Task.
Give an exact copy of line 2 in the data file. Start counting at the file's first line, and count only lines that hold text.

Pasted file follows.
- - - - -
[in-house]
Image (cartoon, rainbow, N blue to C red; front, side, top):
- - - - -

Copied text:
Image (cartoon, rainbow, N blue to C red; front, side, top):